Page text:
The Old West had tornadoes, same as today. With far fewer towns and people, most went unrecorded.
The first written accounts of tornadoes in the Great Plains came from settlements near and along the Missouri River during the mid-1800s.
On October 25, 1844, a tornado struck near present-day Mission, Kansas, and into Missouri, damaging or destroying a number of farms.
On the night of June 8, 1860, a tornado struck a home near Stanton, Kansas, killing an entire family. Nobody knew about it until the next morning when they saw the scattered debris, which spurred rumors of a “night phantom.”
A tornado destroyed a Union Pacific Railroad bridge on August 25, 1877, where the tracks crossed the Missouri River in Omaha, Nebraska, leaving the wrought-iron span bent and twisted.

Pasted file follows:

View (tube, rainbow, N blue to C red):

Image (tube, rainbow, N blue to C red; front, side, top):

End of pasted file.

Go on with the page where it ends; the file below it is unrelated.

In the Southwest, a tornado near Dallas, Texas, on April 15, 1879, destroyed more than a dozen homes and injured 25 people. It was described as a “green-rimmed cone-shaped tornado which rose and fell moving like a monster wave.”
That’s just a sampling of frontier tornadoes. The weather records of the time were not that complete.
Marshall Trimble is Arizona’s official historian. His latest book is Wyatt Earp: Showdown at Tombstone.
If you have a question, write: Ask the Marshall, P.O. Box 8008, Cave Creek, AZ 85327 or e-mail him at firstname.lastname@example.org